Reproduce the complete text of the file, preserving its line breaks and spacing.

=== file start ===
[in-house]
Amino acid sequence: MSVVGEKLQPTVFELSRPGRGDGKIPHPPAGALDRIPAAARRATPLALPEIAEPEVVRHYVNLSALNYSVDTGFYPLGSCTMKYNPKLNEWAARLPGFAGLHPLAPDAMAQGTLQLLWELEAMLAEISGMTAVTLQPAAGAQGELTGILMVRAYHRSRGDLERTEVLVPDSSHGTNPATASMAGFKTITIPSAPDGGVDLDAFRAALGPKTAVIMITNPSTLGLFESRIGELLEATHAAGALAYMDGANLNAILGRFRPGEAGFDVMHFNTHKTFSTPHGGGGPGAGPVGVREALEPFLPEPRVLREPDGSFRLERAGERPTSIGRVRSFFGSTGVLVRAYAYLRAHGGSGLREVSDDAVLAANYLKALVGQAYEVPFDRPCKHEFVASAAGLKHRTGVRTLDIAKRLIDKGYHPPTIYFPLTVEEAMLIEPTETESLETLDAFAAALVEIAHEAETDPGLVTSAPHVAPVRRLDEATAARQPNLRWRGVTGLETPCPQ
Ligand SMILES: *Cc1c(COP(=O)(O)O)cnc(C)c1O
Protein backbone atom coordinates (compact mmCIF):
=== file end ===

[in-house]
Amino acid sequence: MSVVGEKLQPTVFELSRPGRGDGKIPHPPAGALDRIPAAARRATPLALPEIAEPEVVRHYVNLSALNYSVDTGFYPLGSCTMKYNPKLNEWAARLPGFAGLHPLAPDAMAQGTLQLLWELEAMLAEISGMTAVTLQPAAGAQGELTGILMVRAYHRSRGDLERTEVLVPDSSHGTNPATASMAGFKTITIPSAPDGGVDLDAFRAALGPKTAVIMITNPSTLGLFESRIGELLEATHAAGALAYMDGANLNAILGRFRPGEAGFDVMHFNTHKTFSTPHGGGGPGAGPVGVREALEPFLPEPRVLREPDGSFRLERAGERPTSIGRVRSFFGSTGVLVRAYAYLRAHGGSGLREVSDDAVLAANYLKALVGQAYEVPFDRPCKHEFVASAAGLKHRTGVRTLDIAKRLIDKGYHPPTIYFPLTVEEAMLIEPTETESLETLDAFAAALVEIAHEAETDPGLVTSAPHVAPVRRLDEATAARQPNLRWRGVTGLETPCPQ
Ligand SMILES: *Cc1c(COP(=O)(O)O)cnc(C)c1O
Protein backbone atom coordinates (compact mmCIF):